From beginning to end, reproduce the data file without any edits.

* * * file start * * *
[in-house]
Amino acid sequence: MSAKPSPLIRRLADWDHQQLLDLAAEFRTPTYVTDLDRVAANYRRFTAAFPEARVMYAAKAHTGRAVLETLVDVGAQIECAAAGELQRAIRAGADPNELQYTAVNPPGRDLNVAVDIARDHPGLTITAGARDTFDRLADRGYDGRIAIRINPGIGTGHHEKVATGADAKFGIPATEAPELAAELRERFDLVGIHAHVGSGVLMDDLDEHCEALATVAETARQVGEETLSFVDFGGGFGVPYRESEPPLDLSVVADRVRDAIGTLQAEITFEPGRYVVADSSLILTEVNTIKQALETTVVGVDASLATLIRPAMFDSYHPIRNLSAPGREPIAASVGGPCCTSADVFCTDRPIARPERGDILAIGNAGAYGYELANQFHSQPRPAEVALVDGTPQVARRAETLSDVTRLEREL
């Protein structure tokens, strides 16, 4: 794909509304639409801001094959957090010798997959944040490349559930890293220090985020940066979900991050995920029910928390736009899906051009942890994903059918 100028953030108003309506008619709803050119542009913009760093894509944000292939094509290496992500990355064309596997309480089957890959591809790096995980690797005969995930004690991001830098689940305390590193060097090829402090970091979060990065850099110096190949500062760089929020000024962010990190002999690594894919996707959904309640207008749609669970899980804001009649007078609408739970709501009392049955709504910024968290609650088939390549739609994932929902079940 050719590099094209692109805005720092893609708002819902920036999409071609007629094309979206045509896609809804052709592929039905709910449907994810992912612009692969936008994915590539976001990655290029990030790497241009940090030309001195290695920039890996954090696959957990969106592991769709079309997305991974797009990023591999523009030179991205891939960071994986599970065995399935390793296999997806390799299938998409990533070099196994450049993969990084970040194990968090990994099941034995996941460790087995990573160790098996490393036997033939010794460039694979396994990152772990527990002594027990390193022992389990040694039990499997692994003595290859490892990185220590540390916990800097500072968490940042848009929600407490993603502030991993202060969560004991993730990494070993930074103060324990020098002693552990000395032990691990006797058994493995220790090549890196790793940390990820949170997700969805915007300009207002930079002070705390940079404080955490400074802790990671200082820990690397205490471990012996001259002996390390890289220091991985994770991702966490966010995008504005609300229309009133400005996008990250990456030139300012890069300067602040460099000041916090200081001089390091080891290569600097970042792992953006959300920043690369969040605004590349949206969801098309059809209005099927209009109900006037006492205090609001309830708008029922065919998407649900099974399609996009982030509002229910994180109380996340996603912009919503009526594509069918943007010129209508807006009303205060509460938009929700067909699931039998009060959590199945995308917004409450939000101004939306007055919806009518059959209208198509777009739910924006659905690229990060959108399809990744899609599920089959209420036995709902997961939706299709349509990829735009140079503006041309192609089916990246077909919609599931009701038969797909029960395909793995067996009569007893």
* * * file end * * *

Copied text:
[in-house]
Amino acid sequence: MSAKPSPLIRRLADWDHQQLLDLAAEFRTPTYVTDLDRVAANYRRFTAAFPEARVMYAAKAHTGRAVLETLVDVGAQIECAAAGELQRAIRAGADPNELQYTAVNPPGRDLNVAVDIARDHPGLTITAGARDTFDRLADRGYDGRIAIRINPGIGTGHHEKVATGADAKFGIPATEAPELAAELRERFDLVGIHAHVGSGVLMDDLDEHCEALATVAETARQVGEETLSFVDFGGGFGVPYRESEPPLDLSVVADRVRDAIGTLQAEITFEPGRYVVADSSLILTEVNTIKQALETTVVGVDASLATLIRPAMFDSYHPIRNLSAPGREPIAASVGGPCCTSADVFCTDRPIARPERGDILAIGNAGAYGYELANQFHSQPRPAEVALVDGTPQVARRAETLSDVTRLEREL
């Protein structure tokens, strides 16, 4: 794909509304639409801001094959957090010798997959944040490349559930890293220090985020940066979900991050995920029910928390736009899906051009942890994903059918 100028953030108003309506008619709803050119542009913009760093894509944000292939094509290496992500990355064309596997309480089957890959591809790096995980690797005969995930004690991001830098689940305390590193060097090829402090970091979060990065850099110096190949500062760089929020000024962010990190002999690594894919996707959904309640207008749609669970899980804001009649007078609408739970709501009392049955709504910024968290609650088939390549739609994932929902079940 050719590099094209692109805005720092893609708002819902920036999409071609007629094309979206045509896609809804052709592929039905709910449907994810992912612009692969936008994915590539976001990655290029990030790497241009940090030309001195290695920039890996954090696959957990969106592991769709079309997305991974797009990023591999523009030179991205891939960071994986599970065995399935390793296999997806390799299938998409990533070099196994450049993969990084970040194990968090990994099941034995996941460790087995990573160790098996490393036997033939010794460039694979396994990152772990527990002594027990390193022992389990040694039990499997692994003595290859490892990185220590540390916990800097500072968490940042848009929600407490993603502030991993202060969560004991993730990494070993930074103060324990020098002693552990000395032990691990006797058994493995220790090549890196790793940390990820949170997700969805915007300009207002930079002070705390940079404080955490400074802790990671200082820990690397205490471990012996001259002996390390890289220091991985994770991702966490966010995008504005609300229309009133400005996008990250990456030139300012890069300067602040460099000041916090200081001089390091080891290569600097970042792992953006959300920043690369969040605004590349949206969801098309059809209005099927209009109900006037006492205090609001309830708008029922065919998407649900099974399609996009982030509002229910994180109380996340996603912009919503009526594509069918943007010129209508807006009303205060509460938009929700067909699931039998009060959590199945995308917004409450939000101004939306007055919806009518059959209208198509777009739910924006659905690229990060959108399809990744899609599920089959209420036995709902997961939706299709349509990829735009140079503006041309192609089916990246077909919609599931009701038969797909029960395909793995067996009569007893």